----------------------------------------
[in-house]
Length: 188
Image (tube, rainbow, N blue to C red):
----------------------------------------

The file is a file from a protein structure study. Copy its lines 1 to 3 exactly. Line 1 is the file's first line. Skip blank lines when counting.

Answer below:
[in-house]
Length: 188
Image (tube, rainbow, N blue to C red):